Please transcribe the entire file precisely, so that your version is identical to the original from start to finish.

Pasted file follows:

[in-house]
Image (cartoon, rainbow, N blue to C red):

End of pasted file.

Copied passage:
[in-house]
Image (cartoon, rainbow, N blue to C red):